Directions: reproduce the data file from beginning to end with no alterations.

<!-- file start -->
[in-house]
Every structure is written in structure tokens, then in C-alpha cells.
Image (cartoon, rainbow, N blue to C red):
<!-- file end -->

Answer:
[in-house]
Every structure is written in structure tokens, then in C-alpha cells.
Image (cartoon, rainbow, N blue to C red):